Thank you Phish Tacko.

Short chapter, but hope you all enjoy. Please read and review. Thank you.

Chapter Fifty-One.

Ivy Williams had a headache. She had been working with the women all day at Queen's Prison, and her temple seemed to be pounding mercilessly. Every hour she had a group of around fifteen women to train – bending over their sewing, gently correcting faults and encouraging them on their progress. She raised her palm to her forehead and sighed wearily – it seemed this day would never end. She had nothing against these women; indeed she was very proud of all of them – without being as patronising as that sounded. But if truth were to be told, she wished she had been given a more stimulating task when she had asked her Father if there was any good she could do. He had looked at her vaguely at such a request, and she sometimes thought perhaps her Father really had no idea what to do with her. Her Mother had died years ago, leaving her in the charge of her Father who had the burning ambition of reaching the lost, and no sudden becoming the sole caregiver of his little girl was going to stop that. If she had not known her Father any better she would have thought he had hardly noticed her Mother's passing, so involved in the work of God he became after her death. But the many years that had come and gone had taught her that her Father immersed himself in his work the most when he was burdened with sadness.

Most children spend their young days in playgrounds and skipping on chalk drawn hopscotch squares on the streets where they lived, but Ivy's childhood had been spent inside the walls of this prison. Every cobblestone, every brick, every secret corridor she had memorised as she had played, as well as any other child would know every knot in the favourite tree they climbed. She had never been neglected however, and there was never a moment where she was not watched. She had seemed to become part of the very fabric of this prison, this strange little lonely girl with rare violet eyes who would sing hymns at the top of her high voice just to hear the strange echoes bouncing off the walls. What an odd place for a girl to think of with as much familiarity as the home she lived in.

She stood and excused herself while the guard in the corner nodded and she walked outside trying to ignore the watchful gaze of another guard. The pounding in her head was ceaseless and she sat down as dizziness began to befall her. She tried to empty her mind but when this proved futile, her hand dipped into the pocket of her sewing apron and she pulled forth a photograph.

She knew if her Father had discovered she had taken this, he would be furious. There would be no way she could escape his usual absentmindedness when it concerned her, then. It was a photograph of that young man, the one they called the Black Hope of London, the sailor. Her Father liked to do his own research on certain prisoners when it concerned him. He had been convinced the sailor was innocent – and though he was a chaplain and a man of God, he was not usually wrong with those sorts of things. He knew a thing or two about human nature, and she had overheard him saying it was a shame the whole blame of a nation was being placed upon his shoulders.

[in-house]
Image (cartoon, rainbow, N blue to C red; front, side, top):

The back of the photograph had a date and the details of a party written in faint pencil, and the picture was of him only a few years ago. How changed he looked from the hunted criminal he was now. And how handsome. The photograph had been hand-coloured with powder, the new rage which had started recently in Europe and had swept through London, fascinating Ivy to no end. To paint photographs…To add colour to the dreary black and white! She looked down at young Anthony Hope, her thumb fondly touching the figure. His hair was tied back strikingly and he wore such a carefree smile, his coat over his shoulder as he leaned on a cane with pretend haughtiness. His cravat and matching waistcoat were a light manor blue, with gold buttons. What sort of party had it been? Why did he look so happy and amused? Had a friend made a joke just as the photograph had been taken? Had the photographer been annoyed at this youthfully insolent end product to his work? Usually people were so solemn and serious in photographs…She wished she could have known that Anthony Hope. He was far different to the one everybody hated now.

She remembered she had seen him dragged from chapel, and her heart had felt for him at his desperate fear. A man of the world to have roamed the seas – it must be a bitter pill to swallow indeed to be caged so.

She sighed and hid the photograph once more in her apron before she stood and moved back to return to the sewing class. She hoped he had received the small note she had given to kindly Jones to smuggle to him, for her. Again, her Father would be appalled at her to know she had done such a wickedly bold thing, but there was just something about that beautiful sailor that caused her to want to reach out to him. The caged adventurer.